21 July 2017
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A Guide to Dental Loupes

A Guide to Dental Loupes

Dental loupes are effectively magnifying glasses used by clinicians to perform their tasks. They are quickly becoming popular with both dentists and dental students. In fact, in the United States, the majority of dental students are using magnification. Students in the UK are now beginning to catch up.

Why Use Loupes?

Aside from the obvious benefit of magnification of your clinical work, dental loupes are effective in eliminating back strain as it forces the operator to adopt a better posture. This happens because you lose focus if you get too close to the object. Common magnifications available are from x2 to x4+, depending on user preferences and the nature of clinical work being performed. As you can imagine, Endodontics would benefit more from higher magnification.

Magnification and resolution must be established for a successful pair of loupes. Resolution is the ability to distinguish two separate objects, whereas magnification is the degree of enlargement. Field of vision is the term used when an individual is looking down a pair of loupes and is able to see from the entire length from left to the right at any one given time. Typically, a higher degree of magnification results in a smaller field of vision.

Through the Lens (TTL) on Left, Flip up on Right

There are several different types of Dental loupes in the market, the main two are: Through the Lens (TTL), and Flip up Loupes. TTL loupes have the magnification built onto the lens, which means they cannot be moved – whereas Flip up loupes have a movable arm attached to the magnification and are adjustable. Both offer advantages and disadvantages:

TTL Loupes

  • Advantages
    • Lighter weight to equivalent Flip ups
    • Offer wider field of vision
    • Custom fit to individual at the most optimal ergonomic position
    • Better comfortable fit
    • Prescription glasses can be incorporated onto the lens
  • Disadvantages
    • They generally cost more than the equivalent magnification Flip ups
    • If a prescription glasses change, the loupes would need to be sent back to the manufacturer to be modified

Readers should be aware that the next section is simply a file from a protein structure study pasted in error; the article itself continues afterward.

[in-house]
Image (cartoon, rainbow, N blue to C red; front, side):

• Cannot be removed, so communicating with the patient can be troublesome
    • Only the clinician they are prescribed for can use them.

Flip Up Loupes

  • Advantages
    • Cost less than TTL loupes
    • Easily flipped up for better vision for routine tasks
    • Not operator specific
    • Prescription glasses can be easily changed on the lens
  • Disadvantages
    • Angle of declination is adjustable so you wont always get the most ergonomic position, strain to eyes and/or musculoskeletal systems
    • Weigh more than the equivalent TTL and potentially cause uneven weight distribution
    • Narrower field of vision

What needs to be considered when purchasing a pair of dental loupes?

  • TTL or Flip ups
  • Working distance
  • Depth of field
  • Light unit

The working distance can be defined as the distance from your loupes to the object in question. This distance can be measured if you position yourself with a patient lying on the dental chair. The distance is from your eyes, to the patients’ mouth when you are sat upright.

The depth of field is the ability to focus on an object in several different levels. Eg, If you have a set working distance for your loupes, that is the optimum distance to focus on. So if your depth of field is for example 10cm, you would be able to move back 5cm and 5 cm forward and still see the object clearly. If you move away from this depth of field, you would be out of focus and the object would seem blurry. It is beneficial to have a large depth of field so the loupes are more forgiving when you are operating with them.

A Light unit can be attached to the loupes and aid in the vision and detail. These are expensive but very effective in conjunction with loupes. Many argue that the combination of dental loupes with a light is significantly more effective than just loupes on their own. What some students choose to do is buy dental loupes and learn to work and appreciate magnification, and then later invest in a light to further appreciate the benefits.